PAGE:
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Calyen / Vigilante Groups and Voting

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Interviewer: How aware was the black community of the people who were vigilantes? So, did they know their names? Did they warn you to not mess with so-and-so because they were part of this organization? Calyen: Well, the trouble about vigilante groups is they were kind of like Ku Klux Klansmen. Also, they would hide behind—they’d be businessmen sometimes or either they’d be—I’m not going to say pastors, but they may be church Christians or whatever. They’d get into these vigilante groups just, so they could vent off hate. They’d get in these vigilante groups and you didn’t know them by name, but you would also know if you mess with them, they know certain people that could cause you a lot of trouble. Interviewer: And in terms of voting and political participation, was there a legacy of political participation in the black community? Calyen: Yeah, because even now with that voter identification card, I think it’s a second form of segregation because in Texas, you know, you had to pay a poll tax. If you didn’t pay that poll tax, you couldn’t vote, and voting was a law. To make someone to have to pay to vote for someone, and when a person would be seeking that office, they would have barbecues and they’d come through the neighborhoods and come to churches to get you to vote for them, but you never saw them anymore. Even with that, when you think about a person that was seeking an office and that office that they were seeking, they depended upon some of the black people that would vote. If you didn’t pay the poll tax, you couldn’t go up there and vote. If you pay the poll-tax, sometimes those clerks that would be running the office, they would ask you different types of questions. “How many gumballs are in that machine?” “How many bubbles are in a bar of soap?” “How many feathers are on a chicken?” If you couldn’t give the proper answer, you know, you couldn’t vote. It was— Interviewer: So, there were some repression efforts? Calyen: Yeah it was some repression. Jim Crow was still alive and well. Interviewer: Did your parents vote? Calyen: My parents voted, yeah. Interviewer: Did the black community in Conroe have any political representation in terms of black candidates being elected to office? Calyen: Not at that time, no. Interviewer: When did the first black candidates become elected in Conroe? Calyen: The funeral director, Mr. Johnson and Mr. Henry. Billy Henry. Interviewer: What year did they get elected to office? Calyen: At that time, I was in the military so I’m not sure. Interviewer: The seventies, eighties? Calyen: It must have been in the late seventies.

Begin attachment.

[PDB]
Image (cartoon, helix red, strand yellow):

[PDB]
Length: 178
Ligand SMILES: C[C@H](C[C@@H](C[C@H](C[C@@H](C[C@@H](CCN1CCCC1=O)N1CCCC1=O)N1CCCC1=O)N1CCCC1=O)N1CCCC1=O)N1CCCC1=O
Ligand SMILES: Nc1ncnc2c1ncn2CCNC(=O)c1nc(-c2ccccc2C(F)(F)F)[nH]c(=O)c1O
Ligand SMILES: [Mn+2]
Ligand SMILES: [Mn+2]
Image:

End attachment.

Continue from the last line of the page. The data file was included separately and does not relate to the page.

Interview Interview with Henry Calyen
Subjects Citizenship › Voting and Voter Registration
Housing › Neighborhoods
Community Organizations
Discrimination or Segregation
White Resistance to Civil Rights › Hate Crimes and Violence
White Resistance to Civil Rights › Extrajudicial Violence › Ku Klux Klan (KKK)
Electoral Politics
Electoral Politics › Election Campaigns
Historic Periods › Jim Crow Period
Citizenship › Taxes › Poll Tax
Family › Parents
Tags Henry, Bill
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Interview date 2016-07-06
Interview source CRBB Summer 2016
Interviewees Calyen, Henry
Duration 00:03:12
Citation "Vigilante Groups and Voting," from Henry Calyen oral history interview with ,  July 06, 2016, Conroe, TX, Civil Rights in Black and Brown Interview Database,, accessed August 20, 2019